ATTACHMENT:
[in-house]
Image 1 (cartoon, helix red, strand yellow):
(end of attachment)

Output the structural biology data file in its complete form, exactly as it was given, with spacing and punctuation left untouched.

[in-house]
Image 1 (cartoon, helix red, strand yellow):